nodes are not equally spaced and tend to cluster toward the end points of the

Nodes are not equally spaced and tend to cluster

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nodes are not equally spaced and tend to cluster toward the end points of the interval. 3.2 Connection to Best Uniform Approxima- tion Given a continuous function f in [ a, b ], its best uniform approximation p * n in P n is characterized by an error, e n = f - p * n , which equioscillates, as defined in (2.40), at least n + 2 times. Therefore e n has a minimum of n + 1 zeros and consequently, there exists x 0 , . . . , x n such that p * n ( x 0 ) = f ( x 0 ) , p * n ( x 1 ) = f ( x 1 ) , . . . p * n ( x n ) = f ( x n ) , (3.15) In other words, p * n is the polynomial of degree at most n that interpolates the function f at n + 1 zeros of e n . Of course, we do not construct p * n by finding these particular n +1 interpolation nodes. A more practical question is: given ( x 0 , f ( x 0 )) , ( x 1 , f ( x 1 )) , . . . , ( x n , f ( x n )), where x 0 , . . . , x n are distinct interpolation nodes in [ a, b ], how close is p n , the interpolating polynomial of degree at most n of f at the given nodes, to the best uniform approximation p * n of f in P n ? To obtain a bound for k p n - p * n k we note that p n - p * n is a polynomial of degree at most n which interpolates f - p * n . Therefore, we can use Lagrange formula to represent it p n ( x ) - p * n ( x ) = n X j =0 l j ( x )( f ( x j ) - p * n ( x j )) . (3.16) It then follows that k p n - p * n k Λ n k f - p * n k , (3.17)
42 CHAPTER 3. INTERPOLATION where Λ n = max a x b n X j =0 | l j ( x ) | (3.18) is called the Lebesgue Constant and depends only on the interpolation nodes, not on f . On the other hand, we have that k f - p n k = k f - p * n - p n + p * n k ≤ k f - p * n k + k p n - p * n k . (3.19) Using (3.17) we obtain k f - p n k (1 + Λ n ) k f - p * n k . (3.20) This inequality connects the interpolation error k f - p n k with the best approximation error k f - p * n k . What happens to these errors as we increase n ? To make it more concrete, suppose we have a triangular array of nodes as follows: x (0) 0 x (1) 0 x (1) 1 x (2) 0 x (2) 1 x (2) 2 . . . x ( n ) 0 x ( n ) 1 . . . x ( n ) n . . . (3.21) where a x ( n ) 0 < x ( n ) 1 < · · · < x ( n ) n b for n = 0 , 1 , . . . . Let p n be the interpolating polynomial of degree at most n of f at the nodes corresponding to the n + 1 row of (3.21). By the Weierstrass Approximation Theorem ( p * n is a better approxima- tion or at least as good as that provided by the Bernstein polynomial), k f - p * n k 0 as n → ∞ . (3.22) However, it can be proved that Λ n > 2 π 2 log n - 1 (3.23)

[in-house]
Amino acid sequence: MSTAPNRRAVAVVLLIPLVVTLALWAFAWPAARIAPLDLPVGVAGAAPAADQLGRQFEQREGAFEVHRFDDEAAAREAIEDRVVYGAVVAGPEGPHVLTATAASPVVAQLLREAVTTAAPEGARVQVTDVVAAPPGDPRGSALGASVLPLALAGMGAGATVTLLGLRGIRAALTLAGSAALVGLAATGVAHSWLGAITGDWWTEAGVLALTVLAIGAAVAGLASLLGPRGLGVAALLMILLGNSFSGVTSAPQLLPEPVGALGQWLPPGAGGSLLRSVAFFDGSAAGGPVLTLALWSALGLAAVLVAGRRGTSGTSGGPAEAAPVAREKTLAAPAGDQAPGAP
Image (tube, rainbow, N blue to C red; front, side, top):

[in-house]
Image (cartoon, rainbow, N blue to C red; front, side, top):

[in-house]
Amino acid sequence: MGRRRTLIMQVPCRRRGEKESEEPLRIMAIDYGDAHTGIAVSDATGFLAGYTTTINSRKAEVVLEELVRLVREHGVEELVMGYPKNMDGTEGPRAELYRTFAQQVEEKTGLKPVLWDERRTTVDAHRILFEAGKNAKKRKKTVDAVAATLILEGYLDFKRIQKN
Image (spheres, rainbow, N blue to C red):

3.3. BARYCENTRIC FORMULA 43 and hence the Lebesgue constant is not bounded in n . Therefore, we cannot conclude from (3.20) and (3.22) that k f - p n k as n → ∞ , i.e. that the interpolating polynomial, as we add more and more nodes, converges uni- formly to f . That depends on the regularity of f and on the distribution of the nodes. In fact, if we are given the triangular array of interpolation nodes (3.21) in advance, it is possible to construct a continuous function f such that p n will not converge uniformly to f as n → ∞ . 3.3 Barycentric Formula The Lagrange form of the interpolating polynomial is not convenient for com- putations. If we want to increase the degree of the polynomial we cannot reuse the work done in getting and evaluating a lower degree one. How- ever, we can obtain a very efficient formula by rewriting the interpolating polynomial in the following way. Let

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